HOMEWOOD, Ala. (WIAT) — Like many of the characters featured in the books on its shelves, the Anti-Racist Little Library is thriving despite challenges.
That’s thanks to the generosity of neighbors who appreciated its value.
“The community response has been incredible,” library owner Kristin Berthiaume said.
Berthiaume and her family starting building the library this spring as racial tensions flared up across the country. They hung it on a wall near their home and stocked it with books featuring people of color and messages of racial equality. Then they invited people to leave books, take books and learn lessons from what they read.
“We want kids who come and look at the books to be able to see themselves represented in the books,” Berthiaume said. “And we also want adults to be able to learn how to work against racism.”
Soon, neighbors started showing up, and the impact of the literature was clear.
“We definitely heard people just say, ‘it was fun to be able to bring my child and see books that maybe we didn’t necessarily have at home already,'” Berthiaume said.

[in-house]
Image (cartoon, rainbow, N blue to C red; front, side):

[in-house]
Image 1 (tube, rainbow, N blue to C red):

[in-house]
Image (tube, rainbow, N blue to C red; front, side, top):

People were coming by regularly until last week, when Berthiaume drove by and made a sad discovery – that all the library’s shelves were empty.
“I was just completely stunned that every single book had been taken out,” she said.
She’s not sure what happened, but she assumes that someone didn’t like the library and took the books so the community couldn’t have them. So she posted a picture of the cleared-out cubbyholes on social media.
“Our hearts are a little broken,” the post read, with an explanation below of what had happened.
That’s when the community responded, commenting on the post and sharing it hundreds of times. The Berthiaumes posted a wish list on Amazon, and soon people from more than a dozen states and even British Columbia were sending the books by mail.
“It’s been really overwhelming and incredible how many people we’ve heard from,” Berthiaume said.
They also received money, which they used to buy more books at the Little Professor bookstore in downtown Homewood. Now the Anti-Racist Little Library is more well-known and more well-stocked. The family has enough books to refill the library if the books go missing again.
“It makes me feel like this is not just our little library anymore, but it’s really the community’s little library,” Berthiaume said. “And that is what we wanted in the first place. And this incident has really enabled us reach a much wider group of people.”
Berthiaume said several people around the community have asked her about creating their own Anti-Racist Little Libraries. She hopes to use some of her extra books to help start those.
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